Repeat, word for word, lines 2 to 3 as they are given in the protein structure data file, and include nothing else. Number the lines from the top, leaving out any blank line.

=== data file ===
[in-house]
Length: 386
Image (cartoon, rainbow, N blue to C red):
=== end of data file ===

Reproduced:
Length: 386
Image (cartoon, rainbow, N blue to C red):